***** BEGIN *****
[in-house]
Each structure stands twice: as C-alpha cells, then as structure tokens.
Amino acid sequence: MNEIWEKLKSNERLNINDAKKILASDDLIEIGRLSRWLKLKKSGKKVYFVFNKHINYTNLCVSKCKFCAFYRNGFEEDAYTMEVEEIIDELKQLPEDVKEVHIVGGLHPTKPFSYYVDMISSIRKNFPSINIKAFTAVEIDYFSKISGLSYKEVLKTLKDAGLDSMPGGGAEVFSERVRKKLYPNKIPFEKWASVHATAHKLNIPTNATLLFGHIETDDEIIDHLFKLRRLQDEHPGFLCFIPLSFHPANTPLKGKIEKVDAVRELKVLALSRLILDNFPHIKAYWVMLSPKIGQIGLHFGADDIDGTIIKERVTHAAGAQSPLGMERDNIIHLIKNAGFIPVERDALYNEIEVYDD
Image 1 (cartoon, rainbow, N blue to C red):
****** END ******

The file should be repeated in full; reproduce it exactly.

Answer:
[in-house]
Each structure stands twice: as C-alpha cells, then as structure tokens.
Amino acid sequence: MNEIWEKLKSNERLNINDAKKILASDDLIEIGRLSRWLKLKKSGKKVYFVFNKHINYTNLCVSKCKFCAFYRNGFEEDAYTMEVEEIIDELKQLPEDVKEVHIVGGLHPTKPFSYYVDMISSIRKNFPSINIKAFTAVEIDYFSKISGLSYKEVLKTLKDAGLDSMPGGGAEVFSERVRKKLYPNKIPFEKWASVHATAHKLNIPTNATLLFGHIETDDEIIDHLFKLRRLQDEHPGFLCFIPLSFHPANTPLKGKIEKVDAVRELKVLALSRLILDNFPHIKAYWVMLSPKIGQIGLHFGADDIDGTIIKERVTHAAGAQSPLGMERDNIIHLIKNAGFIPVERDALYNEIEVYDD
Image 1 (cartoon, rainbow, N blue to C red):